Our churnalism tool is used to see whether an article is simply a copy-paste exercise, or if there is a level of originality to the piece. Churn stats does the hard work for you by visualizing this data. Use this tool to determine the level of churnalism found across media houses and individual journalists and see who has the highest level of churn (most copied content) and who has the lowest level of churn (most original content).

Please note that in some cases, pieces may be fully reproduced but are not churn – these are often instead attributed to wire or agency copy. We are working on ways of extracting this data from the stats and to get a sense of how much content is from these other agencies or places.

Levels of churnalism over time


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The above graphic represents levels of churnalism from media houses over the time period specified. Here, we are looking at the levels of churnalism on a monthly basis. The level of churnalism can be defined as the number of articles that qualify as ‘churnalised’ in a given period compared to the total number of articles for that same period.



Top 10 Highest/Lowest Levels of Churnalism by Media House


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Here, we compare the levels of churn for each media house over the entire time period specified. The light blue bars above indicate original content while the darker bars below represent churnalised content. Therefore the larger the dark bars in the graph, the higher the proportion of articles that were deemed ‘churnalised’ for the given period.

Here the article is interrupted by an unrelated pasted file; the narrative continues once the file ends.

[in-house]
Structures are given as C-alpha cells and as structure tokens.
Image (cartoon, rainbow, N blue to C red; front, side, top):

Top 10 Highest/Lowest Levels of Churnalism by Journalist/Author


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The above graphic compares the volume of churnalised content vs original content per individual journalist. Here, we are looking at the levels of churnalism for each individual journalist/author over the time period specified.

The term ‘level of churnalism’ can be defined as the quantity of articles that qualify as ‘churnalised’ in a given period of time compared to the total quantity of articles for that given period of time.



Media House churnalism sources


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The above graphic shows the relationships between original sources and churnalised stories, as published by media houses. Essentially, we are looking at who is copying who? For example, if one media house has churnalised articles, where did the original content come from? The thickness of the connecting lines represents the quantity of copied articles. From this, we can therefore see the relative contributions that some media house’s original stories make to other media house’s churnalism.